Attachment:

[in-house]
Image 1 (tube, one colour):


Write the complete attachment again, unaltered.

[in-house]
Image 1 (tube, one colour):